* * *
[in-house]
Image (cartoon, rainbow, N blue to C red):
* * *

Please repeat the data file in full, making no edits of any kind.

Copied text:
[in-house]
Image (cartoon, rainbow, N blue to C red):